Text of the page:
How did you manage to get intimate access to the family lives of the counterculture elite?
I suppose it helps if you yourself are involved in those cultures. On top of that, it helps if you’re involved in music/subculture journalism. I was a freelance writer for a couple of music magazines and the editor of a music/graffiti magazine for a couple of years, so I had some contacts. Many people in the book I knew or was in contact with already, and the rest I just put my feelers out the best I could.

Did any specific contributor stories remind you of your own family history?
No, not exactly, but that’s something that I really love about the book: No two stories are the same. Everyone is coming from someplace completely different, which surely contributed to the fact that all of the contributors are such unique, amazing people with all sorts of different perspectives. Family is what we all have in common, yet even how we define family changes from person to person.  For some it’s their parents or siblings, for others it’s members of their band or crew, for others it’s their kids, and still for others it’s all of the above.

What place in culture (mainstream and/or underground) do you want this book to hold?

First and foremost, I intended for this to be a wholesome book involving people who aren’t always seen as being wholesome. Many of the people in Black Sheep are people I’ve known for a long time, who I know as being amazing sons or daughters, or parents, or siblings, though somehow people who don’t know them often find that to be surprising. There’s a big misconception out there that if you’re tattooed or in a hardcore band or write graffiti, then you’ve obviously gotten “lost” along the way probably because you rebelled against and subsequently rejected your family and the idea of positive family values. That’s ridiculous. I wanted to show that family is a hugely important and influential staple for all of these people, no matter their level of celebrity or their scene.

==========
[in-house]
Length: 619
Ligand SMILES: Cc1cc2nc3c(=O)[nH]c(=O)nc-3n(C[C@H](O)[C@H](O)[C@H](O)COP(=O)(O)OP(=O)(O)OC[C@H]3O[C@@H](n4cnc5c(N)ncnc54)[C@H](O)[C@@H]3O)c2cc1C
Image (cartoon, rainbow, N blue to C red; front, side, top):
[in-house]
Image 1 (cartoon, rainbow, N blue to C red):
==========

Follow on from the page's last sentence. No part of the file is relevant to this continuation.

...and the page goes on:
Not only does the book give the contributors a chance to celebrate their families, but it also aims to bridge the gap between subculture and mainstream culture by using family as a common denominator. People who aren’t familiar with the contributors or the scenes in which they participate have the chance to see these individuals in a different light, and thereby embrace their similarities instead of concentrating on their differences. We’re pretty much all family to somebody.  In that sense, the title of the book is ironic. As I say in the preface:  “This is not really a book about black sheep, or at least it’s not about disfavored and disreputable individuals, as the idiom suggests. Instead, this is a book about individuals who are black sheep only insofar as they embrace being true to themselves. They’re not outcasts or pariahs. They’ve all got family backing them up.”

For more information on Karyn’s work or to purchase Black Sheep: An Unconventional Look at Good Ol’ Family Values (are you reading this Santa?!), visit GraySide Projects.